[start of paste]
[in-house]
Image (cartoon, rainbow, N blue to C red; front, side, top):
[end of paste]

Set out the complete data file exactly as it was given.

[in-house]
Image (cartoon, rainbow, N blue to C red; front, side, top):